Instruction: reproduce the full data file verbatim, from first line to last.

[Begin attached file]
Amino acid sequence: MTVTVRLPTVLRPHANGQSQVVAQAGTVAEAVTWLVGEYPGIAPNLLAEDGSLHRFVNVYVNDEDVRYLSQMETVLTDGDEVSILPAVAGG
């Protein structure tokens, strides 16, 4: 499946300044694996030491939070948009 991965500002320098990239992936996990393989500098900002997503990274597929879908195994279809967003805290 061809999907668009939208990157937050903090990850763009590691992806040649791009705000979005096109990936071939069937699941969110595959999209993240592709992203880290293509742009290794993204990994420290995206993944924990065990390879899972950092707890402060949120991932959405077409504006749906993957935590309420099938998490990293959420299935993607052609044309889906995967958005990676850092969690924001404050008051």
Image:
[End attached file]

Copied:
Amino acid sequence: MTVTVRLPTVLRPHANGQSQVVAQAGTVAEAVTWLVGEYPGIAPNLLAEDGSLHRFVNVYVNDEDVRYLSQMETVLTDGDEVSILPAVAGG
């Protein structure tokens, strides 16, 4: 499946300044694996030491939070948009 991965500002320098990239992936996990393989500098900002997503990274597929879908195994279809967003805290 061809999907668009939208990157937050903090990850763009590691992806040649791009705000979005096109990936071939069937699941969110595959999209993240592709992203880290293509742009290794993204990994420290995206993944924990065990390879899972950092707890402060949120991932959405077409504006749906993957935590309420099938998490990293959420299935993607052609044309889906995967958005990676850092969690924001404050008051």
Image: